N: I think it’s good to get people talking…There are situations which are collective like going on a demo, or sitting in the cinema in the dark surrounded by other people where you can be almost alone. Sometimes after you leave you are left at home with all the emotions. There is a lot of isolation to push back against in society in general and also specifically as queer people and as people of colour. Panels and Q & A give people the opportunity to learn more, to think more and reflect on the thoughts of people with a lot of relevant experience. Art in general has the potential to expand the often all too narrow bandwidth of communication; it can encourage a kind of political discussion that doesn’t exclude emotional and personal resonance. Having just shared an experience via film can help to interweave discussions, even when people are coming from very different perspectives.

R: Are many of the filmmakers going to be attending?

N: There’s 14 or 16 coming…I won’t list them all but randomly some of them are: Vivek Shraya, Wayne Yung, Joshua Vettivelu, Ms. Vaginal Davis, Saadat Munir and Jamika Ajalon.

R: I’ve just recently been reading a book called ‘How to be an Artist and Revolutionise the World: The Little Book of Big Visions’ by Sandrine Micossé-Aikins and Sharon Dodua Otoo and Jamika Ajalon has written an article in it that’s amazing, its really good…I’m following her work right now, I only knew her as a musician but I haven’t seen her films so I’m looking forward…How did you find these filmmakers?

N: Digital Desperados and Glitch is also a continuous process of re-education for myself. We had a call out for submissions and also approached filmmakers ourselves. I barely got to hear about PoC artist and filmmakers in art school; if you wanted to know more you had to dig. The internet has made that infinitely easier but a lot of material is hidden away in academic institutions. Information and art should always be free and accessible.

R: I can relate about not being taught about PoC artists at art school – that is the foundation of why Collective Creativity was set up!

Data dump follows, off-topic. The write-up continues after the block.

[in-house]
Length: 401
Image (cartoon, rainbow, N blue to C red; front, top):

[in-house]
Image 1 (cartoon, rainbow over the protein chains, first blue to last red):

So I like your slogan – can you say something about how that came about?

‘We are a glitch in the system

Our lives deny the lies

Our complexity is dissent

We fight for love’

N: I’m interested in glitch art and of course as an individual you can feel forced to be a cog in a machine you don’t want to be part of…

R: Since I’ve organised events including a film festival, I know that it takes a lot – what does it take to organise this kind of festival?

N: Oh god.

R: We talked a little bit off the record but whatever you want to say on the record!

N: On the record it’s been a really punishing schedule, physically I’ve not been able to do any of my own creative work …it’s been really long hours since July last year. It’s been taking a toll on my physical health and stress, that’s for sure…Longer term it’s definitely not repeatable unless we’re supported with funding that enables our efforts to be paid. Taking breaks is just totally out the window!! But the end the result drives you on! And you just get really excited by it, going oh god, it’s so amazing I must keep doing it!

R: I think that was the only thing keeping me hanging on when I was organising the London Transgender Film Festival in 2008. At some points I felt ready to give it up but then I would think ‘I’ve put this much work into it!’ and I’m glad I stuck in because the end result was really, really worth it.

Lupe copyN: People have said a lot of positive things about GLITCH so far and are excited about it so that’s sustaining to us.

R: It’s great that even if you have to travel and spend money getting to GLITCH that at least you know you’ll be able to see lots of films as they’re all free! – that brings me to another question – what is the work involved in making the festival accessible in multiple ways?

N: Well, it just wouldn’t be possible without our funders and supporters and everyone who is volunteering. Also we’re organising for free and specifically we’re subtitling the films ourselves. We’re really committed to having the festival be accessible to people on low incomes and in poverty – which these days is an ever increasing amount of us. There’s still a tendency to portray art as something luxurious or simply as entertainment but I see it as something much more vital than that.

R: What are your personal highlights, what are you looking forward to?

N: Mittraa, by Ravi Jadhav. I haven’t actually watched it the whole way through on purpose… it took me months and months to get hold of it and in the end it just happened by random chance. It’s black and white and just sumptuous; it’s gorgeously shot and is about a dyke in pre-partition India. And Lupe by Jose Rodriguez Soltero. He was working the same time as Andy Warhol but I’d never heard of him. This film looks like the QPoC James Bidgood who did Pink Narcissius; so I’m very, very excited about that and all the discussions and connections that are going to happen as a result of GLITCH.

R: I’m really excited about it – it’s the QTIPoC event of the year!

N: Great! That’s exactly what we want to hear!